By Neeraj Nanda
MELBOURNE, 5 November: Australia has finalized the text of the Regional Comprehensive Economic Partnership (RCEP), with 10 members of the ASEAN alliance. The other partners include Japan, South Korea, and China. The text of the pact is not likely to be revealed until it is signed in 2020.
The name missing is India, where PM Scott Morrison is going in January next year. India not signing the RECP pact in Bangkok, creates a big headache for Australia. And, naturally, it is disappointed.
PM Modi is reported to have said that the pact talks failed to address India’s ‘outstanding issues and concerns’.
“Leaked documents reveal the industrialized countries, including Japan, South Korea and Australia, have been pushing non-tariff rules that suit their major corporations, similar to those in the controversial Trans-Pacific Partnership (TPP).
These have been resisted by developing countries, which have more vulnerable populations, and wish to preserve regulatory space to develop local industries.
The contested proposals include foreign investor rights to bypass national courts and sue governments for millions of dollars in international tribunals if they can argue a change in law or policy will harm their investment. This is known as Investor-State Dispute Settlement or ISDS.” reveals an article in The Conversation (India’s not joining the latest free-trade deal which limits Australia’s market access by Pat Ranald, Research Fellow, Sydney University, November 5, 2019 12.22pm AEDT)
India signing the RCEP would have benefitted Australia immensely giving it more access to dairy, agricultural and other products to one of the world’s fast growing economy, though passing through a rough patch at present.
Senator Birmingham, Minister for Trade, on the line from Shanghai in an interview on 2GB, minced no words today when he said, “But we would have liked India to keep up pace with everybody else. They’ve said it’s not the time for them to sign at present, and we respect that decision. The door remains wide open to India. And separately what we had already done knowing that trying to get trade agreements with India is a very difficult proposition, was our government commissioned an India economic strategy.”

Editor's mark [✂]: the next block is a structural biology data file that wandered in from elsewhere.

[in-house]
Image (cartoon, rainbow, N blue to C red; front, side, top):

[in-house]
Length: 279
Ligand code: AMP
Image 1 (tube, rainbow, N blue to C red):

“It has many, many different recommendations that we’re acting on. And it’s not just been sitting within my space as the Trade Minister. We have the Agriculture Minister, the Energy Minister, the Education Minister, the Foreign Minister, all acting as champions of working in this space, driving home new opportunities for us to deepen that engagement with India,” he said.
He added, “And our relationship there is very, very strong. Prime Minister Morrison is heading to India in January at the invitation of Prime Minister Modi. And that’s a real demonstration that we’re seeing strong indications of cooperation on a range of levels including economic levels from India. They’ve said they’re going to shortly complete a complementary reverse strategy. So I [indistinct] a strategy at how to deepen our economic ties with India, and they’ve done- done completing one on how to deepen their ties with us, and we warmly welcome that.
So we’re a bit disappointed that they’re not at the RCEP table but very pleased that we’re continuing to find new ways to strengthen trade deals.”